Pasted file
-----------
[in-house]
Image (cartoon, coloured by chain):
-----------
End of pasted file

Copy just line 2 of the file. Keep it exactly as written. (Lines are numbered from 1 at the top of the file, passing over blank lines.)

Image (cartoon, coloured by chain):